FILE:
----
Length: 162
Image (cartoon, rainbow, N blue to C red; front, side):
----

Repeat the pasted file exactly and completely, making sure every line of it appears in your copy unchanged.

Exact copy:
Length: 162
Image (cartoon, rainbow, N blue to C red; front, side):